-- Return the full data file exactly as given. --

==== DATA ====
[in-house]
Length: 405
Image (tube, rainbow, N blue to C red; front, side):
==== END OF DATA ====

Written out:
[in-house]
Length: 405
Image (tube, rainbow, N blue to C red; front, side):